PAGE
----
For the first year, I got any sex case that
came through the door. [During] one
of my first incest cases, I talked to the
jurors afterwards, and they actually said:
‘We just don’t believe that dads would
do that to their kids.’ It was a pervasive
attitude. I had a judge in a civil jury trial
say to us—there were two other male
attorneys—’Now, I don’t want any of you
lawyers striking that juror in the front
row; she’s cute and I want something
good to look at.’ No one was being mean.
That was the way it was.
They fought to win in the courtroom
and fought for respect outside of it.
Wilson: I started practicing family law
like it was real law—it wasn’t attorneys
getting together at lunch and writing
a settlement on the back of a napkin.
There had been a lot of old-boy deals
lawyers had made with each other that
weren’t necessarily in the client’s best
interests, like you wanted to stay in a
club and not offend anyone. That never
occurred to me—that I would sell my
client out. I had this reputation as a
tough lawyer. I just beat them. I would
take my legal skill, and they could call
me names, and I would win the case.
Olup: There was no such thing as HR back
then. There were no laws in place about
discrimination. You had to be very strong.
You had to have an inner core that was
Oakes: I got asked to be president of
Minnesota Women Lawyers in ’ 74. Their
main activity had been a tea, with sherry
and cheese. The first one I went to, the
members wore gloves. It was definitely a
social group for them, but they knew times
were changing. We put together a mailing
list, strictly by identifying names that
sounded female, and we got calls from
several wives who were very perturbed [and
insisted] their husbands—named Laverne,
or some such name that was ambiguous—
should be taken off the list immediately.
I never had a call from a guy—only wives,
saying their husbands [must] be taken off.
We got 50 women to show up for lunch,
which quite overwhelmed the restaurant.
We started programming activities, and we
became activists and started working on
Wilson: It was gradual. By the ’90s there
were more women judges, there were
more women lawyers, and that changed
everything. The old boys’ club wasn’t
going to work anymore. It’s not completely
gone. It’s way underground. A judge who
doesn’t understand the dynamics of being
a battered woman, for example, and says
she’s not credible because she doesn’t tell
the story from the very beginning—their
memory is very spotty and the more it
comes out, the more they remember.
There’s still bias. It’s helpful to be aware
that it’s there so you can really over-correct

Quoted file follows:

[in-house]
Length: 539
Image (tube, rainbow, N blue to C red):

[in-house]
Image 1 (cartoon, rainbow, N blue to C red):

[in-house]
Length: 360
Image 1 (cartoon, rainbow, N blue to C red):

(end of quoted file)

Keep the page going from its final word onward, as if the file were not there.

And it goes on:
and try to make your point.
Langevin: One of the reasons for optimism
is that the men and women in the
generations following mine simply have
a different set of expectations for their
professional lives and of each other. Not to
say there aren’t jerks, but for the most part,
I find the lawyers 50-and-under expect
to bear part of—or maybe half—the load
of raising a family, or running a home, or
caring for elderly parents.
Moos: We’ve always tried to focus on
bringing women into the firm and we’ve
had wonderful women here, some of whom
are now on the bench. … I was the first
woman in the firm, the first woman to have
kids while she was a lawyer here. I had to
go on bed rest for three-and-a-half months
of my first pregnancy. The firm arranged
for one of the young associates, who didn’t
live too far from me, to bring my mail every
day. I’d have a little Dictaphone and leave
little tapes in the mailbox for him to pick
up and have transcribed.
Wilson: The younger male attorneys aren’t
nearly as piggish as some of the older
ones. They just aren’t. So that also helps.
Moos: I remember in a pretrial [in the late
’80s], the judge was a woman, the lawyers
on both sides were women, the clients
were men. That was noteworthy to me.
Langevin: What’s the great line? ‘Ginger
Rogers did everything Fred Astaire did,
just backwards and in high heels.’ And
we’re still dancing backwards in high heels.
Maybe a little bit lower heels than they
used to be.
‘If one of the
men in our
firm makes a
pass at you in
the law library,
are you going
to get all huffy and
walk out and make a scene?’”
—REBECCA EGGE MOOS
and there I
and they’re calling me
—M. SUE WILSON
‘We can’t put
you into a
criminal case, you
will hear things you
—MARILYN J. MICHALES